An evaluation of global coagulation assays in myeloproliferative neoplasm

    loading  Checking for direct PDF access through Ovid

Abstract

Myeloproliferative neoplasms (MPN) are independent risks for thrombotic events. Routine laboratory tests are inadequate to evaluate the underlying procoagulant state. Global coagulation assays such as thromboelastography, thrombin and fibrin generation may provide better assessment of coagulation activation and thereby of thrombosis risk. Participants with MPN were recruited. Thromboelastography was performed on citrated whole blood while thrombin generation using calibrated automated thrombogram, fibrin generation using overall haemostatic potential assays and P-selectin were quantified on platelet-poor plasma. Thirty-eight MPN patients (median age: 65 years) were recruited. There were 26 patients with essential thrombocythemia (68.4%), eight polycythemia vera (20.5%), three primary myelofibrosis and one MPN, unclassifiable. Compared with normal controls, there was no difference in maximum amplitude although lysis time (LY30) was significantly higher (2.9 vs. 0.6%, adjusted P < 0.01) using thromboelastography. Calibrated automated thrombogram showed higher thrombin peak (260.8 vs. 222.6 nmol/l; P < 0.01) and velocity index (91.1 vs. 65.0 nmol/l/min; P < 0.01) with comparable endogenous thrombin potential. Fibrin generation parameters were significantly reduced with preserved overall fibrinolytic potential, whereas P-selectin was markedly increased (108.9 vs. 49.3 ng/ml, P < 0.01). This study demonstrated unique differences between MPN population and normal controls using a combination of global coagulation assays. The presence of high lysis time (LY30) and reduced fibrin generation in MPN patients were contradictory to the prothrombotic nature and may represent a compensatory effort to achieve equilibrium within the Virchow's triad. Both markers may be important prognostic indicators of thrombosis in MPN and further prospective studies to confirm these findings are proposed.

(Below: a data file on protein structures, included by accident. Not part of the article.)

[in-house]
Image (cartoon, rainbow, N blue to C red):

Related Topics

    loading  Loading Related Articles